by: Katie Childs, UW-Extension Master Gardener Volunteer
The sap is running and the bees are buzzing...A big cheer for Spring as many of us have suffered from snow and cold fatigue. However, I have some good news to share about the beehives on Golden Pond. Let me bring you up to speed with a bit of a review…
Last November I ‘blogged’ about “Project Honey,” an experimental operation whereby in May, a beekeeper installed a couple of hives near my Gardens on Golden Pond. The colonies not only survived, but thrived near an oasis of perennial beds, along with vegetable and fruit gardens, in an extreme woodsy environment. Over Labor Day, it was
time to harvest the honey from the hives; the process taking several hours, resulted in an abundance of liquid gold!
With the temperature dipping in the fall, the hives were prepped for winter readiness. Along with a honey reserve and protein packs to supplement their winter nourishment, each hive was bound securely with an insulated Mylar type wrap, foam insulation and duct tape. With the temperature falling to beyond minus 30 degrees at times, this
method proved to be sufficient to help maintain the hive temperature during the exceedingly harsh winter months.
Along with the outer protection, the bees had to do their part as well.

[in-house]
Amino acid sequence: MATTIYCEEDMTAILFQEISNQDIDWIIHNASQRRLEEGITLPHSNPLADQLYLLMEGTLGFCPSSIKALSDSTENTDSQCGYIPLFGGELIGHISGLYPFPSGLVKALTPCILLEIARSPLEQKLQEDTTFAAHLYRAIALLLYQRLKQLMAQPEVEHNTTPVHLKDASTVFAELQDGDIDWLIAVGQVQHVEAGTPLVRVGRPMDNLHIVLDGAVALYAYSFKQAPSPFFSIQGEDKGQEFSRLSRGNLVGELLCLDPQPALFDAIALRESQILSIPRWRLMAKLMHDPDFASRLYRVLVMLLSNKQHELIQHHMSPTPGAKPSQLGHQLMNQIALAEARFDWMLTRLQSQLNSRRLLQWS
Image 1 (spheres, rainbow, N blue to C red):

Let me explain - the worker bees form a “cluster” surrounding the queen to keep her warm and safe. With thousands of bees shivering and vibrating their wing muscles they can maintain the cluster temperature as follows: the optimal core temp in winter time is 95 degrees; 81 degrees is the average observed in the inside, while 48 degrees is the average temperature for a cluster exterior shell. Who knew, in the winter the workers insulate - in the summer they are a cooling agent.
While the calendar says its spring, our garden scapes and woods may be still covered with snow. However, with the melting well underway, we will soon be checking for daffodils, crocus and tulips popping up. On March 22 the temperature rose to 50 degrees and much to my surprise, I heard a buzzing in a very sunny protected spot a short
distance from the hives. I soon had a confirmation that a honey bee was out and about. On the 23rd - again a warm and calm day - dozens of ‘scout’ bees were seeking pollen and nectar, albeit a bit early. Had they been successful, they would return to the hive and ‘dance’ on the honeycomb. The beekeeper came by to examine the hives and I am happy to report he was pleased at the colonies survival rate and overall hive condition. We are optimistically looking forward to another season of ‘cohabiting’ with honey bees at Gardens on Golden Pond!
HONEY BEE FUN FACTS
FEED THE BEES PLEASE!
|North Country MGV